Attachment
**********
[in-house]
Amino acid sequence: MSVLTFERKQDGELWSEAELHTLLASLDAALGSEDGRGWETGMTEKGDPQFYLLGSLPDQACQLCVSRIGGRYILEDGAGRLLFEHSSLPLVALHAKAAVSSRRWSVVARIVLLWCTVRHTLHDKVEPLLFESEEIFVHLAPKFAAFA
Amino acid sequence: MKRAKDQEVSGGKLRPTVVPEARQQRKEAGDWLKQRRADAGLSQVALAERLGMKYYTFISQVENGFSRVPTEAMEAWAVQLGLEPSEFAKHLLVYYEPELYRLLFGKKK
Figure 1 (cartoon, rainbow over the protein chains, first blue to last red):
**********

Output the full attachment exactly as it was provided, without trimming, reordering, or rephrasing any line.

[in-house]
Amino acid sequence: MSVLTFERKQDGELWSEAELHTLLASLDAALGSEDGRGWETGMTEKGDPQFYLLGSLPDQACQLCVSRIGGRYILEDGAGRLLFEHSSLPLVALHAKAAVSSRRWSVVARIVLLWCTVRHTLHDKVEPLLFESEEIFVHLAPKFAAFA
Amino acid sequence: MKRAKDQEVSGGKLRPTVVPEARQQRKEAGDWLKQRRADAGLSQVALAERLGMKYYTFISQVENGFSRVPTEAMEAWAVQLGLEPSEFAKHLLVYYEPELYRLLFGKKK
Figure 1 (cartoon, rainbow over the protein chains, first blue to last red):